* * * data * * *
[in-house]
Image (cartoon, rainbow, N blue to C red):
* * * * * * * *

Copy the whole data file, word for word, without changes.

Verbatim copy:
[in-house]
Image (cartoon, rainbow, N blue to C red):